I made a Dynamic Photo with the Casio H10 on my first try, after visiting Casio’s Dynamic Photo Special Site to learn about the process. The Casio H10 itself included no documentation, although the camera does help you with timely prompts for part of the process.






But I wouldn’t call capturing a Dynamic Photo on the Casio H10 easy.

The first problem I had was finding a suitable background to shoot the moving image. In this case, I enticed one of the chimps to stand in front of a bare spot on the wall and move his hand. But finding a bare spot can be tricky. You want a uniform background to make it easy for the Casio H10 to crop it out. If you happen to have a lampshade in there, you have to make sure the lampshade stays in the exact same spot of the image (or else it appears to be moving). Shadows have the same problem, so move your subject away from the wall. And you also want to make sure the bare spot doesn’t share a color with your subject or there will be holes in your moving image where the color was the same as the background.

The second problem I had was framing the movement. I had zoomed in to make the hand fill most of the Casio H10’s frame (chimps are not known for their reserve) and his hand quickly went out of the frame. I couldn’t see that, though, because to take 20 quick shots, the LCD doesn’t update. You don’t know until it’s too late. And even then, you’d be moving the camera which could easily make the background a moving object.

The third problem was taking the reference shot of the background. I couldn’t get the chimp to get his hand out of the scene. I begged. I cajoled. I bribed. Fortunately ice cream was invented long ago and my chimp took off at the mere mention of it. Then, still holding the Casio H10 where I’d shot the moving segment, I took the reference shot.

Then it got easy.

The Casio H10 took a few seconds to crop out the background and display the moving hand to me. That was pretty cool. Just like that, I had this disembodied hand flying around on a gray background. I passed the camera around. Everyone was impressed. The Casio H10 did that? Yep.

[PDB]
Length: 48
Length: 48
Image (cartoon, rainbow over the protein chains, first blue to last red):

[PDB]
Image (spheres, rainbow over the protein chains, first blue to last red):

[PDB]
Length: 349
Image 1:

But wait!

To actually assemble a Dynamic Photo, you have to go into the Casio H10’s Playback mode and get into the menu system to indicate you want to see a Dynamic Photo in action. Otherwise, you just get one of the 20 640 x 480 moving segments (with a file extension of .JPE).

When you select Dynamic Photo, you have a little work to do. The Casio H10 prompts you for a background image, then for the sequence. Your background image apparently has to be in a 4:3 aspect ratio (3:2 and 16:9 didn’t work). Because my background image was resized down to 1,600 x 1,200 and the sequence images are 640 x 480, I had to then position the moving image on the background. Once you do that, the Casio H10 plays the composited image for you, which is actually a set of 1,600 x 1,200 composited JPEGs (with the usual .JPG file extension).

Now that really was cool.

Not to mention a bit of a surprise when I transferred the first of the Casio H10’s images from the card to a computer and found I had a lotmore than I thought. Each sequence was 20 images and each dynamic photo was another 20. So there were 40 images for every dynamic photo I took.

Do you need a tripod to hold the Casio H10 still? Well, it makes it easier, but this isn’t a magic trick that requires expensive props. It’s a gag. And you can do it pretty well if you just have a blank background and hold the camera in the same position for both the sequence and the reference shot.

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Posted by on July 5, 2011 in Uncategorized